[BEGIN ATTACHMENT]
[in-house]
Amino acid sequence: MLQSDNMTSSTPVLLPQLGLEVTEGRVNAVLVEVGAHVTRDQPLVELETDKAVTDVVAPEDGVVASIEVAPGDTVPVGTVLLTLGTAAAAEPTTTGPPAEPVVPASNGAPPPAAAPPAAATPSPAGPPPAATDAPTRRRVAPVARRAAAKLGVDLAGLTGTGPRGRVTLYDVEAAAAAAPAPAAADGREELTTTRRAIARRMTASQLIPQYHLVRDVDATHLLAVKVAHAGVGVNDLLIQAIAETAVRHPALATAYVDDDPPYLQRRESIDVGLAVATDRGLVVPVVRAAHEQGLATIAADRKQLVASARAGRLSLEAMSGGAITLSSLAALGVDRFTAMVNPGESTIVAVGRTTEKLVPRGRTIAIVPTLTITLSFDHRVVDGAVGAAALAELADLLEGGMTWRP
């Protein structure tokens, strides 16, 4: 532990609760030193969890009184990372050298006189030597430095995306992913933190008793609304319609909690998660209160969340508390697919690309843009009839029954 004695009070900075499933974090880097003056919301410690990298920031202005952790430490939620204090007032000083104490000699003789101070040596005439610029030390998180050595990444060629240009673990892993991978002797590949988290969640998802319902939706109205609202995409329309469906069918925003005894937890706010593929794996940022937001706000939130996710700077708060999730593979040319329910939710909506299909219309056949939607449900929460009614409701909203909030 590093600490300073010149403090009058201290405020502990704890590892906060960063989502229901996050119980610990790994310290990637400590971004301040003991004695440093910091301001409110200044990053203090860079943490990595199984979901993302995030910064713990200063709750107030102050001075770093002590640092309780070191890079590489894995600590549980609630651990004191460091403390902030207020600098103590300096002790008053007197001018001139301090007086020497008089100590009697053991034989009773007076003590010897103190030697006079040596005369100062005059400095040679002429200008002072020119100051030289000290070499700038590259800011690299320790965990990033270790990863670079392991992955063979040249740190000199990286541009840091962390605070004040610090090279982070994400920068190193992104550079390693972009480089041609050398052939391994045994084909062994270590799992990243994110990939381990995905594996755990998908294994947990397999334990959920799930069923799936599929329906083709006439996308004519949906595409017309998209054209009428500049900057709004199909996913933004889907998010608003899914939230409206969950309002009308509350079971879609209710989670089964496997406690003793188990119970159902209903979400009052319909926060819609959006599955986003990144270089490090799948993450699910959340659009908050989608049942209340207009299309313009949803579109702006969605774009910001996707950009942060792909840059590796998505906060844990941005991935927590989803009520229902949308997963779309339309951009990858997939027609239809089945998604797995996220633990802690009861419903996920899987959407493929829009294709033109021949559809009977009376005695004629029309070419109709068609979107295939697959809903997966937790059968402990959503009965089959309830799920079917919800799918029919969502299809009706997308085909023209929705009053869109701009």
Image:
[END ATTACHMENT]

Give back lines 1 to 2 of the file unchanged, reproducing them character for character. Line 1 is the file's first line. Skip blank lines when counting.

[in-house]
Amino acid sequence: MLQSDNMTSSTPVLLPQLGLEVTEGRVNAVLVEVGAHVTRDQPLVELETDKAVTDVVAPEDGVVASIEVAPGDTVPVGTVLLTLGTAAAAEPTTTGPPAEPVVPASNGAPPPAAAPPAAATPSPAGPPPAATDAPTRRRVAPVARRAAAKLGVDLAGLTGTGPRGRVTLYDVEAAAAAAPAPAAADGREELTTTRRAIARRMTASQLIPQYHLVRDVDATHLLAVKVAHAGVGVNDLLIQAIAETAVRHPALATAYVDDDPPYLQRRESIDVGLAVATDRGLVVPVVRAAHEQGLATIAADRKQLVASARAGRLSLEAMSGGAITLSSLAALGVDRFTAMVNPGESTIVAVGRTTEKLVPRGRTIAIVPTLTITLSFDHRVVDGAVGAAALAELADLLEGGMTWRP